Understanding the motivations and behaviors of private forest owners is paramount for crafting effective forest policies. Misguided policies can lead to inefficiencies, underscoring the need for precise targeting. The French NOBEL partner ‘INRAE‘, delves into this crucial realm in their recent publication titled “Probabilistic typology of private forest owners: A tool to target the development of the new market for ecosystem services“. Drawing from a survey of 220 French private forest owners, the project employs cluster analysis to classify these owners based on their attitudes, behaviors, and the significance they attribute to new markets and social recognition. These owner classifications prove to be valuable predictors of ecosystem service demand, shedding light on the intricate dynamics between forest management, policy, and the preservation and production of ecosystem services.
The study was conducted in France’s Grand-Est region, where private forest owners play a significant role in forested land management. Data were collected through a web-based survey targeting these owners, with a focus on those registered in the “Merlin” database, which includes sustainable management documents. The survey included questions about owners’ perceptions of their management practices, openness to innovations and markets, and desire for public recognition. The survey achieved a 25% response rate, higher than previous French forest owner surveys, and provided valuable insights into forest owner attitudes and preferences.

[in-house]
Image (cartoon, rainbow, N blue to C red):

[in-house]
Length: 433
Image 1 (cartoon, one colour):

The table below presents a summary of key statistics related to socio-demographic and property-specific variables. It provides a snapshot of the essential characteristics within the dataset, offering insights into the socio-demographic profiles and property attributes under examination.
The study found that societal demand for ecosystem services is an objective factor on which forest owners generally agree, while individual perceptions vary. Forest owners’ valuations of ecosystem services correlated with their perceptions of societal demand, possibly indicating alignment between personal values and societal expectations.
Key factors influencing how forest owners assess ecosystem services include the method of forest acquisition, length of ownership, and education level. The cluster-based approach proved effective in explaining owner demand for ecosystem services, providing insights for policy decisions and subsidy schemes.
The study suggests an opportunity for developing new markets for ecosystem services, with forest owners’ diverse preferences. It emphasizes the need to consider company perspectives in future research to guide forest owners in these endeavors.
The article is authored by Clement Josset, David W. Shanafelt, Jens Abildtrup, and Anne Stenger. For a more comprehensive understanding of the research, please refer to the attached article.